Two Distinct Repressive Mechanisms for Histone 3 Lysine 4 Methylation through Promoting 3′-End Antisense Transcription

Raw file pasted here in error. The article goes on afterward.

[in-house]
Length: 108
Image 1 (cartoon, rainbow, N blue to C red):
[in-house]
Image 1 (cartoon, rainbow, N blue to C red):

Histone H3 di- and trimethylation on lysine 4 are major chromatin marks that correlate with active transcription. The influence of these modifications on transcription itself is, however, poorly understood. We have investigated the roles of H3K4 methylation in Saccharomyces cerevisiae by determining genome-wide expression-profiles of mutants in the Set1 complex, COMPASS, that lays down these marks. Loss of H3K4 trimethylation has virtually no effect on steady-state or dynamically-changing mRNA levels. Combined loss of H3K4 tri- and dimethylation results in steady-state mRNA upregulation and delays in the repression kinetics of specific groups of genes. COMPASS-repressed genes have distinct H3K4 methylation patterns, with enrichment of H3K4me3 at the 3â²-end, indicating that repression is coupled to 3â²-end antisense transcription. Further analyses reveal that repression is mediated by H3K4me3-dependent 3â²-end antisense transcription in two ways. For a small group of genes including PHO84, repression is mediated by a previously reported trans-effect that requires the antisense transcript itself. For the majority of COMPASS-repressed genes, however, it is the process of 3â²-end antisense transcription itself that is the important factor for repression. Strand-specific qPCR analyses of various mutants indicate that this more prevalent mechanism of COMPASS-mediated repression requires H3K4me3-dependent 3â²-end antisense transcription to lay down H3K4me2, which seems to serve as the actual repressive mark. Removal of the 3â²-end antisense promoter also results in derepression of sense transcription and renders sense transcription insensitive to the additional loss of SET1. The derepression observed in COMPASS mutants is mimicked by reduction of global histone H3 and H4 levels, suggesting that the H3K4me2 repressive effect is linked to establishment of a repressive chromatin structure. These results indicate that in S. cerevisiae, the non-redundant role of H3K4 methylation by Set1 is repression, achieved through promotion of 3â²-end antisense transcription to achieve specific rather than global effects through two distinct mechanisms. In eukaryotes, DNA is packaged together with histones into nucleosomes. This packaging has a repressive role on gene expression. The N-termini of histones are subject to multiple modifications that affect DNAâdependent processes. The histone modification that has been predominantly linked with active transcription in all eukaryotes is histone H3 lysine 4 (H3K4) methylation. Here we investigate the functional effects of each H3K4 methylation state on transcription. Removal of the mark that is most characteristic for transcription, H3K4 trimethylation, has no effect on coding gene expression, in steady-state or dynamically changing conditions. Combined loss of H3K4 tri- and di-methylation does have an effect and leads to loss of repression of specific genes, the opposite of what is expected for global marks of active genes. The affected genes have antisense transcription. We show that there are two separate mechanisms through which H3K4 methylation represses transcription of protein-coding genes, one through antisense transcripts and one through the process of antisense transcription. In summary, we show how a general mark of active transcription can have specific repressive effects that are themselves also linked to repression through nucleosomes.